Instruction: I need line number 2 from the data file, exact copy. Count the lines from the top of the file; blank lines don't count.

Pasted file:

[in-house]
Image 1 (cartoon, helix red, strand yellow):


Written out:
Image 1 (cartoon, helix red, strand yellow):